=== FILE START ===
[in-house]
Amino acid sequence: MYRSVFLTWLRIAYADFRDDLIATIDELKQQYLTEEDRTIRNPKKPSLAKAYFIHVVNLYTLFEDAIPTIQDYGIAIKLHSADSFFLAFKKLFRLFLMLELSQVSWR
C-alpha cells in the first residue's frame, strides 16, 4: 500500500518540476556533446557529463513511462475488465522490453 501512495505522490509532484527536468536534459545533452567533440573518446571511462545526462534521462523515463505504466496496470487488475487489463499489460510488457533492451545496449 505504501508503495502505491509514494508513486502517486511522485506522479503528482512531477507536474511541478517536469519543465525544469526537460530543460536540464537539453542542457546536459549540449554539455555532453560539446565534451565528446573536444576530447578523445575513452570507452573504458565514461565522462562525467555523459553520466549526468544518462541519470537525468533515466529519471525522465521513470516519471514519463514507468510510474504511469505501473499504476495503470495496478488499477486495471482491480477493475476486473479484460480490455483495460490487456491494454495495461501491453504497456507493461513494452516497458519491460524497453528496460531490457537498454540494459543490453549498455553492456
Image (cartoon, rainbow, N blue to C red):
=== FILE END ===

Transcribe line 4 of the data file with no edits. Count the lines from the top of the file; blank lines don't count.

Image (cartoon, rainbow, N blue to C red):